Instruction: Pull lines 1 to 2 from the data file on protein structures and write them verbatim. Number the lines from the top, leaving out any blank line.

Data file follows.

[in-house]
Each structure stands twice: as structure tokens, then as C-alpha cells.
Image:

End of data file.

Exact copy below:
[in-house]
Each structure stands twice: as structure tokens, then as C-alpha cells.